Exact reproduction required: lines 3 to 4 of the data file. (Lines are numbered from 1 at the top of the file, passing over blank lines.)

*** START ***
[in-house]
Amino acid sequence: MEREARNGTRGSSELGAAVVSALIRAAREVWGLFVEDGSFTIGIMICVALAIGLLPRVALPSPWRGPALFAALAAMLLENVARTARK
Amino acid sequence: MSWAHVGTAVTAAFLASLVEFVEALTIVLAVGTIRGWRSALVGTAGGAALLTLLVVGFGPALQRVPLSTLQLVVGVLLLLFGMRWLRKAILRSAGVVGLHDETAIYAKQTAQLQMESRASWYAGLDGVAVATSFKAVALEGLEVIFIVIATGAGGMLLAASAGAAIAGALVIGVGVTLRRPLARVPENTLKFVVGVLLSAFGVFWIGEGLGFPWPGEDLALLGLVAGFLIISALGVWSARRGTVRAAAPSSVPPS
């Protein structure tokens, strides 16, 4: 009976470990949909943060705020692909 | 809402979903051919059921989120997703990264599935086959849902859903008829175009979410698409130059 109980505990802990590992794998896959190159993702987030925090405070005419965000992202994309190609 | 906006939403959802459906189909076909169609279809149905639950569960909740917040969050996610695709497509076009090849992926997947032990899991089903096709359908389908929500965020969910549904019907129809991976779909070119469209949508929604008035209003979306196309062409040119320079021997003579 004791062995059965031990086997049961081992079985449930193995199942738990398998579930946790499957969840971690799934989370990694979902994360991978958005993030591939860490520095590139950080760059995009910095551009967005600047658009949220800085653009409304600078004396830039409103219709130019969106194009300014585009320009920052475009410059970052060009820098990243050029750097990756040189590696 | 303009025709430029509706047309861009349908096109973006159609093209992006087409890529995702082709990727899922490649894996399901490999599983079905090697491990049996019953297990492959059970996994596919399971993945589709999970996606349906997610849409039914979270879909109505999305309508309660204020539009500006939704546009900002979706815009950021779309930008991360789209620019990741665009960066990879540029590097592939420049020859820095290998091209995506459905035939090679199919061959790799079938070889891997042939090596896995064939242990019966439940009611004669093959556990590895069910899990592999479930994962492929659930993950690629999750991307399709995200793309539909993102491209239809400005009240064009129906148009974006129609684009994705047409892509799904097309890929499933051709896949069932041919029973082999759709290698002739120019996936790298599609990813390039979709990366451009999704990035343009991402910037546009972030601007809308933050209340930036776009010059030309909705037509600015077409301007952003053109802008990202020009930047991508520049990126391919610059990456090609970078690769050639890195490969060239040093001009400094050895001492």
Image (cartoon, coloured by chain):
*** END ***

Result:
Amino acid sequence: MSWAHVGTAVTAAFLASLVEFVEALTIVLAVGTIRGWRSALVGTAGGAALLTLLVVGFGPALQRVPLSTLQLVVGVLLLLFGMRWLRKAILRSAGVVGLHDETAIYAKQTAQLQMESRASWYAGLDGVAVATSFKAVALEGLEVIFIVIATGAGGMLLAASAGAAIAGALVIGVGVTLRRPLARVPENTLKFVVGVLLSAFGVFWIGEGLGFPWPGEDLALLGLVAGFLIISALGVWSARRGTVRAAAPSSVPPS
């Protein structure tokens, strides 16, 4: 009976470990949909943060705020692909 | 809402979903051919059921989120997703990264599935086959849902859903008829175009979410698409130059 109980505990802990590992794998896959190159993702987030925090405070005419965000992202994309190609 | 906006939403959802459906189909076909169609279809149905639950569960909740917040969050996610695709497509076009090849992926997947032990899991089903096709359908389908929500965020969910549904019907129809991976779909070119469209949508929604008035209003979306196309062409040119320079021997003579 004791062995059965031990086997049961081992079985449930193995199942738990398998579930946790499957969840971690799934989370990694979902994360991978958005993030591939860490520095590139950080760059995009910095551009967005600047658009949220800085653009409304600078004396830039409103219709130019969106194009300014585009320009920052475009410059970052060009820098990243050029750097990756040189590696 | 303009025709430029509706047309861009349908096109973006159609093209992006087409890529995702082709990727899922490649894996399901490999599983079905090697491990049996019953297990492959059970996994596919399971993945589709999970996606349906997610849409039914979270879909109505999305309508309660204020539009500006939704546009900002979706815009950021779309930008991360789209620019990741665009960066990879540029590097592939420049020859820095290998091209995506459905035939090679199919061959790799079938070889891997042939090596896995064939242990019966439940009611004669093959556990590895069910899990592999479930994962492929659930993950690629999750991307399709995200793309539909993102491209239809400005009240064009129906148009974006129609684009994705047409892509799904097309890929499933051709896949069932041919029973082999759709290698002739120019996936790298599609990813390039979709990366451009999704990035343009991402910037546009972030601007809308933050209340930036776009010059030309909705037509600015077409301007952003053109802008990202020009930047991508520049990126391919610059990456090609970078690769050639890195490969060239040093001009400094050895001492």